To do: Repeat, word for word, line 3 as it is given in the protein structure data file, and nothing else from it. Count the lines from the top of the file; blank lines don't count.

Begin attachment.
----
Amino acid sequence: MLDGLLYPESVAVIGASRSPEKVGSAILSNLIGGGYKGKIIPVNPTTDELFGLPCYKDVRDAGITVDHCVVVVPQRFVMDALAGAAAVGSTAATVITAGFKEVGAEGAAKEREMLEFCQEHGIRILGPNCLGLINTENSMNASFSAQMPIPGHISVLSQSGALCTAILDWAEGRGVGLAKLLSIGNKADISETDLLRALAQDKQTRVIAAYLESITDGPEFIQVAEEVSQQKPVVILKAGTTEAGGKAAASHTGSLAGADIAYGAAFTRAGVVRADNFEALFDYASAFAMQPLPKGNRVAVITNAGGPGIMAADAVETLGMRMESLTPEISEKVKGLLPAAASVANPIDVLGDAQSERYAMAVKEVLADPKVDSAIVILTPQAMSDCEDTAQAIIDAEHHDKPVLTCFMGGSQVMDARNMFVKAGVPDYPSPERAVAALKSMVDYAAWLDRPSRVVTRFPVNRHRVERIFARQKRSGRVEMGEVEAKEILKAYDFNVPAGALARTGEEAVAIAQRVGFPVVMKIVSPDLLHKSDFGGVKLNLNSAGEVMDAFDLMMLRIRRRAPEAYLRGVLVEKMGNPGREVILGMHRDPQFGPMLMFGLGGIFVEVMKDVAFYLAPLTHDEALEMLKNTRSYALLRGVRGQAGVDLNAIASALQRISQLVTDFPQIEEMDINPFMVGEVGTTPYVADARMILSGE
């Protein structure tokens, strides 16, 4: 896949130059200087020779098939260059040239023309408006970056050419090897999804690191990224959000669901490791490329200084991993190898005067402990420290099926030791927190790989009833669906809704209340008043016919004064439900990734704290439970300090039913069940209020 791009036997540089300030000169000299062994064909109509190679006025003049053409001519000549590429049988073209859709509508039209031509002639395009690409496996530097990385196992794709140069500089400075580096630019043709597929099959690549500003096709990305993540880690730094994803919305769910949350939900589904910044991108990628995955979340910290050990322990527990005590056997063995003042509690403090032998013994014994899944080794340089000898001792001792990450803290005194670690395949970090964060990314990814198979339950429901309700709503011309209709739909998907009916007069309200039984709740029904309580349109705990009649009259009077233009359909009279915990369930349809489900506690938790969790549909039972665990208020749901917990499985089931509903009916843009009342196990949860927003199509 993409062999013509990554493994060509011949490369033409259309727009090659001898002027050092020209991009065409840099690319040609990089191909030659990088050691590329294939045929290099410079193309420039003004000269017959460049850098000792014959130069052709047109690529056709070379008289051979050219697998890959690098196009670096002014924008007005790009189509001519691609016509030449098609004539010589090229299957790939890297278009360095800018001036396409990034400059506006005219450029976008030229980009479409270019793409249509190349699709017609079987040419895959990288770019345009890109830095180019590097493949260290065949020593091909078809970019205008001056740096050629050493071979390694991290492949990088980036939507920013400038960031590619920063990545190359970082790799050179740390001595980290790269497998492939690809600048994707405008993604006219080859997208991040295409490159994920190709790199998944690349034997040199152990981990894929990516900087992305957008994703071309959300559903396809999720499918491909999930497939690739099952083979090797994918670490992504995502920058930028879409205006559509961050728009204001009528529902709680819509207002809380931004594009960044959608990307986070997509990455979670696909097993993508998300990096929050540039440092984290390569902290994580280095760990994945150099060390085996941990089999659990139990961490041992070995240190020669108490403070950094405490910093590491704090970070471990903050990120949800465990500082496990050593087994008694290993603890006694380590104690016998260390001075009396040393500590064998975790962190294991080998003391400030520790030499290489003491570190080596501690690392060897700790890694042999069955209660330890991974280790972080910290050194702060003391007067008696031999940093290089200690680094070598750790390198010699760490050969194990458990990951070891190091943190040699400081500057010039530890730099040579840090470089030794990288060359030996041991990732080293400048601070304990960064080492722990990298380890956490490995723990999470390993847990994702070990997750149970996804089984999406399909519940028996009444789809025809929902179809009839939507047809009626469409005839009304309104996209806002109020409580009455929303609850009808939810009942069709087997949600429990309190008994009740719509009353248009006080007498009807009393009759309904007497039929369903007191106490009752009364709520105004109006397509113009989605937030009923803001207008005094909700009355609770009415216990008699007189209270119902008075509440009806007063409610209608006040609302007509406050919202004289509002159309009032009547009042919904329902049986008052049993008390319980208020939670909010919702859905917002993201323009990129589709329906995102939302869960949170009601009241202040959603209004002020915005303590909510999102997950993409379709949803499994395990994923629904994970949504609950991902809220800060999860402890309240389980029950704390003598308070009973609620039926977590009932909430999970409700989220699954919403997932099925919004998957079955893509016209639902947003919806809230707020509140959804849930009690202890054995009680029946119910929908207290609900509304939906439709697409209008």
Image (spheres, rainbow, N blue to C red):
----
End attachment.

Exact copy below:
Image (spheres, rainbow, N blue to C red):